5. johnwester130

    johnwester130 Member

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    so biotin is bad or good ?
     
  6. haidut

    haidut Member

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    So, good news about biotin then. Suppressing SIRT is one of the main protective mechanisms of niacinamide. Usually SIRT inhibitors are HDAC inhibitors as well, and as such could be treatments for cancer. Interestingly, this study above matches a earlier study I posted predicting that biotin would be an HDAC inhibitor.
    Dietary HDAC Inhibitors
     
  7. Queequeg

    Queequeg Member

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    I am currently supplementing biotin mostly for hair growth but am a bit concerned with this study. What am I missing as it seems to me that this study is saying that Biotin inhibits the benefits of SIRT1.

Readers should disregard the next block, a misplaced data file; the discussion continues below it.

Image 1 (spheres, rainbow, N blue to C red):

"SIRT1, a longevity regulator and NAD+-dependent deacetylase, plays a critical role in promoting metabolic fitness associated with calorie restriction and healthy ageing. Using a tissue-specific transgenic approach, the present study demonstrates that over-expression of human SIRT1 selectively in adipose tissue of mice prevents ageing-induced deterioration of insulin sensitivity and ectopic lipid distribution, reduces whole body fat mass and enhances locomotor activity. During ageing, the water-soluble vitamin biotin is progressively accumulated in adipose tissue. Over-expression of SIRT1 alleviates ageing-associated biotin accumulation and reduces the amount of biotinylated proteins, including acetyl CoA carboxylase, a major reservoir of biotin in adipose tissues. Chronic biotin supplementation increases adipose biotin contents and abolishes adipose SIRT1-mediated beneficial effects on insulin sensitivity, lipid metabolism and locomotor activity."
     
  8. Such_Saturation

    Such_Saturation Member

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    lol
     
  9. haidut

    haidut Member

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    Seriously, did you even read through the thread?? My post directly above yours answers your question.
     
  10. DaveFoster

    DaveFoster Member

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    Lol this thread.